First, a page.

A variety of options are available, just a Google search away. However, if such tools aren’t within your budget, you can always request that an influencer send over their account’s audience insights. Most social networks make this information available to content creators.
Asking a potential influencer for audience data is essential to determining reach and influence.

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Pro Tip

 A quick note about international audiences. Proceed with caution if you discover a content creator’s audience is heavily weighted in Brazil, China, and Turkey, as they have been epicenters for fraudulent followers, engagements, and other bot activity.

What to Consider When Reviewing an Influencer’s Audience Data


An audience’s age spread strongly correlates with purchasing power and brand/product relevance. If you’re selling a higher price-point product, you’ll want to ensure the influencer has an audience with enough disposable income even to consider purchasing. Or is your product or brand geared toward a specific age group? Certain age groups may favor and gravitate towards specific social networks, so knowing which social app captures your target demographic’s attention is vital.

As for relevance, it comes down to whether the product you’re selling resonates with the audience and their age demographic. It wouldn’t be ideal to advertise a collegiate/greek life apparel brand to an audience of thirty-somethings. Sure, you might land some alum customers, but is that really moving the needle?

We must also consider the potential audience age skew of the content creator. An influencer’s audience may be younger or older than they are but still fit your target demo. Sweet! You may have just discovered a fresh new set of potential customers. Does your influencer have followers that will help build your brand with valuable consumer insight?


You also need to consider the audience’s gender split. For example, if you offer a product primarily for men, you will want to target influencers that appeal to men. However, for holidays and special occasions like Valentine’s Day, you can also tweak a simple marketing message toward a more female audience, such as: “Girls, you gotta get this watch for your guy. Trust me, he’ll love it!.” Promoting your product to the opposite gender can work well with highly giftable products.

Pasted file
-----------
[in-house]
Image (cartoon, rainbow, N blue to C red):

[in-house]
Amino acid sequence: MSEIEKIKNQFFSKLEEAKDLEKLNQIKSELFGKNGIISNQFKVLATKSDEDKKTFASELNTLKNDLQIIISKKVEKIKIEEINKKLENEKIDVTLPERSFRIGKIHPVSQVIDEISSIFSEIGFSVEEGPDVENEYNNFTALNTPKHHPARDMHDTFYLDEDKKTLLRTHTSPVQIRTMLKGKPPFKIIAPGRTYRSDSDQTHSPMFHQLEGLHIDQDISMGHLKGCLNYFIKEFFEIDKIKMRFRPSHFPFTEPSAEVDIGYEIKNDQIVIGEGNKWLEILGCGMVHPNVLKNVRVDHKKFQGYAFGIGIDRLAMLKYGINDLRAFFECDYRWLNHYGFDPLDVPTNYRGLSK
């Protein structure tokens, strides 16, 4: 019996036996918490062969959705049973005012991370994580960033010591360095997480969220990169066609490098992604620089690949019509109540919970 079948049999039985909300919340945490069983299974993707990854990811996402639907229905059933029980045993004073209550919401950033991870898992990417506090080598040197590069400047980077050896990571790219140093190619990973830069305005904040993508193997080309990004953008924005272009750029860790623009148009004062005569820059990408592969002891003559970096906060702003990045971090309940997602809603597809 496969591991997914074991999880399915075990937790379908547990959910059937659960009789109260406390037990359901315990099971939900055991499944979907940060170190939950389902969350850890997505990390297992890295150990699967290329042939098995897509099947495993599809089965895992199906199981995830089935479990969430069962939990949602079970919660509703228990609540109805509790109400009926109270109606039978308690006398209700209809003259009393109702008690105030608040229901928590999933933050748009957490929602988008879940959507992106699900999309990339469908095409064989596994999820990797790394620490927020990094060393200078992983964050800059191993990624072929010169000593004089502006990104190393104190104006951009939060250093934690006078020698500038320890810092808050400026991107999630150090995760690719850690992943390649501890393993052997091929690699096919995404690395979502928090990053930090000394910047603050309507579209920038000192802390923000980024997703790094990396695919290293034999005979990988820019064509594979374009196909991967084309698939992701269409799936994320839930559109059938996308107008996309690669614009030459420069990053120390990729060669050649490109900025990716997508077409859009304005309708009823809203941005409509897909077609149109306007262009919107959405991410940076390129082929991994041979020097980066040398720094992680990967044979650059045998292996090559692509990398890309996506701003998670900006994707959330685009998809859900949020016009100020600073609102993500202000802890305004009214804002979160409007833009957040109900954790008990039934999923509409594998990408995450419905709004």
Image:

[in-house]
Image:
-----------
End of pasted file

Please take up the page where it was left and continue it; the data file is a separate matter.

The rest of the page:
Diversity in your marketing with LGTBQ+ influencers will appeal to a more LGBTQ+ audience and could open new doors for additional customers. In this blog post, we cover working with LGBTQ+ content creators whose audience identifies with them.


Knowing where an influencer’s audience lives is also essential. If your brand only ships domestically, working with influencers with a sizable international audience wouldn’t be in your favor. On a smaller scale, if your product has specific geographical use cases, such as ski/snow gear, ensure your target influencers have an audience close to the snow.  

Audience Quality

There is no denying that influencer fraud exists, especially as it relates to purchasing followers or engaging in suspicious activities that artificially inflate follower count. Unfortunately, there are a lot of methods where influencers appear to have followers that don’t exist. Screening prospective influencers will save you time and prevent you from signing a disadvantageous deal, and it only takes a few seconds.

Here are few things to pay attention to when evaluating the quality of an influencer’s audience.

Audience reachability

Audience reachability is the percentage ratio of followers among your creator’s audience who can see influencers’ posts in their feeds. What percentage of their followers follow less than 500, 500 to 1000, 1000 to 1500, or more than 1500 creators? The reach is much more competitive with 1500+ influencers, and you need to be suspicious of followers that have such a large number of influencers in their feeds. (An exception to the rule is celebrities and mega influencers.) It’s important to note the likelihood of attention your influencer will receive from their audiences. The more influencers a follower pays attention to, the less likely they will see your content in their feed. It would be best to strive for more followers in the <500 and 500-1000 range.

Non-Organic Growth Patterns

Some accounts have jumped to upwards of 10k followers overnight. This extreme bump usually indicates purchased followers. However, in some rare circumstances, it could be a legitimate increase caused by viral content or some other notable event that took place and led to a surge in followers. Make sure to investigate whether this surge seems legitimate or suspicious.

Likewise, some influencers will follow accounts that, in turn, follow them. Once they have received their “new follower” benefits, they go back and unfollow all the accounts, which is an inauthentic audience. Pay attention to fluctuations in the ebb and flow of a content creator’s audience that seems higher than the standard.

Follower Growth/Decline

You can only learn so much from data representing a “snapshot” in time. Take time to review your prospective influencer’s engagement numbers. If you look at their follower or engagement rate trends for the past six months (or a year or two), you might be surprised that they are slowly declining. They may have dropped from 1.2M to 1.1M followers over six months, which can represent a more significant issue. Perhaps they’ve lost the connection with their audience or are losing relevance. Follower decline is not the end; it is simply another data point to watch. Use your best judgment taking these issues into account to make your decisions.

© Grin Technologies Inc. 2024. All rights reserved.